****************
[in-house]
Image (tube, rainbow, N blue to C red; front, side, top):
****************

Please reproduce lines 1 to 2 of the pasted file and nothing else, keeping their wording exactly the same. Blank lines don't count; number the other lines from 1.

[in-house]
Image (tube, rainbow, N blue to C red; front, side, top):